Law enforcement culture promotes embracing your identity as a police officer and prioritizing it above other life roles. Being a cop isn’t merely a job; it’s a way of life. Beginning in the academy and continuing throughout your career, your personality and viewpoints change as a byproduct of police work. For example, you are conditioned through training and experience to always be on alert and to be suspicious of others’ intentions and motives. Certain aspects of the job almost always spill into your personal life — sitting with your back to the wall at a restaurant, scanning for dirtbags while at an amusement park with your family, unintentionally talking to your spouse or family member like they’re a suspect, reducing or eliminating friendships with non-cops, and countless other examples. You may gradually let go of hobbies, interests and friends you had when you started the job. In some cases, you may intentionally leave behind friends or stop interacting with certain family members because the job requires you to be selective about who you surround yourself with. Think back to when you first became a police officer. What were you like back then? How does that compare to what you are like now?
One of the inherent risks of being a police officer is developing a singular police identity. This is often a gradual process that is reinforced by law enforcement culture and job demands. As other aspects of identity fade away over time, a singular police identity can amplify burnout and cynicism, and make it difficult for an officer to connect with anything or anyone outside of law enforcement work. This becomes especially significant when you lose your status as a police officer, as happens in retirement, when injuries or illness force you to stop working, or when relieved of duty and under investigation.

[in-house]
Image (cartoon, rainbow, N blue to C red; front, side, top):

Expanding your identity
The benefits of expanding your identity to include multiple roles is well documented to have a positive influence on your mental health by offering purpose and meaning, increasing self-esteem and providing a greater sense of control over your life. The good news is that you get to choose your roles based on your preferences, valued life areas and life goals. This will guide the behaviors and actions that are needed to build upon these roles and broaden your identity. Here are some steps to take (it helps to write down your responses):
Step 1: Think about the areas of your life that you value. Some examples include health, family, work, spirituality/faith, friendships, education, community, intimate relationships, hobbies and leisure activities.
Step 2: Think about how much you have been doing in service of each of these life areas. Are there any discrepancies? For example, let’s say you value friendships but recognize that you have not really spent the time connecting/reconnecting with friends outside of work.
Step 3: Align your actions with your valued life areas so that you can expand your identity within each of these roles. For each of the valued life areas you listed, identify at least one thing you can do in service of that area and set a specific date/time to get it done.
As you work on expanding your identity and strengthening other life roles outside of law enforcement, it can help to set weekly goals. You may want to work on friendships one week and your health the next. Or maybe you want to work on more than one area each week. The takeaway is that how you choose to work on expanding your identity is flexible.
The big picture
Broadening your identity beyond being a police officer helps to buffer against the stressors associated with law enforcement work, and the inherent toll it takes on your mind, body and relationships, over the course of your career. Instead of allowing the job to train you (at the expense of your health and relationships), take the steps to train up to meet the demands of police work. As you enhance other areas of your life, you will be able to find meaning and purpose beyond law enforcement, which will enhance your relationships and general well-being.